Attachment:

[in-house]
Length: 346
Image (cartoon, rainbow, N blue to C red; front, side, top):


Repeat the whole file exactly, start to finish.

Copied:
[in-house]
Length: 346
Image (cartoon, rainbow, N blue to C red; front, side, top):